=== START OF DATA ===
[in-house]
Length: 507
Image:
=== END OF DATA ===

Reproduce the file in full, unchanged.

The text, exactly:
[in-house]
Length: 507
Image: